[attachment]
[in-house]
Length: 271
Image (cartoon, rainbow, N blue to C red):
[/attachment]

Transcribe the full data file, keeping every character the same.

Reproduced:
[in-house]
Length: 271
Image (cartoon, rainbow, N blue to C red):